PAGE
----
On January 4, 2023, the SEC published its semiannual Fall 2022 regulatory agenda (“Agenda”) and plans for rulemaking. The Unified Agenda of Regulatory and Deregulatory Actions contains the Regulatory Plans of 28 federal agencies and 68 federal agency regulatory agendas. My favorite Commissioner, Hester M. Peirce, was quiet about the agenda, not issuing a public statement this time. Upon publication of the Spring 2022 Agenda, Commissioner Peirce ripped the Agenda as being disconnected with the SEC’s core mission and as being focused on special interest groups instead of a broad range of market participants. The Agenda is published twice a year, and for several years I have blogged about each publication.
The Agenda is broken down by (i) “Pre-rule Stage”; (ii) Proposed Rule Stage; (iii) Final Rule Stage; and (iv) Long-term Actions. The Proposed and Final Rule Stages are intended to be completed within the next 12 months and Long-term Actions are anything beyond that. The number of items to
As expected, on October 14, 2021, the SEC re-opened the comment period on proposed rules on listing standards for the recovery of erroneously awarded executive compensation (“Clawback Rules”). The Clawback Rules would implement Section 954 of the Dodd-Frank Act and require that national securities exchanges require disclosure of policies regarding and mandating clawback of compensation under certain circumstances as a listing qualification. The proposed rules were first published in July 2015 (see HERE) and have moved around on the SEC semiannual regulatory agenda from proposed to long-term and back again for years, but finally seem to be moving forward. Although the proposed rule remains unchanged from the July 2015 version, the SEC has added a few questions for comment in its re-opening release.
There are currently existing rules which require the recovery of executive compensation and disclosure of such policies. In particular, Section 304 of the Sarbanes-Oxley Act of 2002 (“SOX”) requires the CEO and CFO to reimburse
As required by the Dodd-Frank Act, in December 2020, the SEC adopted final rules requiring require resource extraction companies to disclose payments made to foreign governments or the U.S. federal government for the commercial development of oil, natural gas, or minerals. The last version of the proposed rules were published in December 2019 (see HERE )The rules have an interesting history. In 2012 the SEC adopted similar disclosure rules that were ultimately vacated by the U.S. District Court. In 2016 the SEC adopted new rules which were disapproved by a joint resolution of Congress. In December 2019, the SEC took its third pass at the rules that were ultimately adopted.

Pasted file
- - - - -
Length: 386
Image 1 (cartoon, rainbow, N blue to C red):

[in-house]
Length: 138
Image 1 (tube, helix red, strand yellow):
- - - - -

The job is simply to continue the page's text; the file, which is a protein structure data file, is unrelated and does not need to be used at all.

The final rules require resource extraction companies that are required to file reports under Section 13 or 15(d) of the Securities Exchange Act of 1934 (“Exchange Act”) to disclose payments made by it or any of its subsidiaries or controlled entities, to the U.S. federal government or foreign governments
In July 2020, the SEC published its latest version of its semiannual regulatory agenda and plans for rulemaking with the U.S. Office of Information and Regulatory Affairs. The Office of Information and Regulatory Affairs, which is an executive office of the President, publishes a Unified Agenda of Regulatory and Deregulatory Actions (“Agenda”) with actions that 60 departments, administrative agencies and commissions plan to issue in the near and long term. The Agenda is published twice a year, and for several years I have blogged about each publication.
Like the prior Agendas, the spring 2020 Agenda is broken down by (i) “Pre-rule Stage”; (ii) Proposed Rule Stage; (iii) Final Rule Stage; and (iv) Long-term Actions. The Proposed and Final Rule Stages are intended to be completed within the next 12 months and Long-term Actions are anything beyond that. The number of items to be completed in a 12-month time frame has decreased to 42 items as compared to 47 on the
On November 7, 2019, the SEC Investor Advisory Committee held a meeting on the topics of (i) whether investors use environmental, social and governance (ESG) data in making investment and capital allocation decisions; and (ii) the SEC’s recent concept release on harmonization of securities offering exemptions. For more on ESG matters, see HERE and for my blog on the SEC’s concept release on exempt offerings, see HERE. Both SEC Chair Jay Clayton and Commissioner Allison Herren Lee made remarks before the committee. As always, it is helpful in navigating our complex securities laws and regulatory priorities to stay informed on matters involving SEC decision makers and policy setters.
The Investor Advisory Committee was created by the Dodd-Frank Act to advise the SEC on regulatory priorities, the regulation of securities products, trading strategies, fee structures, the effectiveness of disclosure, and on initiatives to protect investor interests and to promote investor confidence and the integrity of the securities marketplace. The Dodd-Frank